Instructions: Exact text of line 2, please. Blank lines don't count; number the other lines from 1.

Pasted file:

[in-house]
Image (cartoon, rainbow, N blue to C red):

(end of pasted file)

Image (cartoon, rainbow, N blue to C red):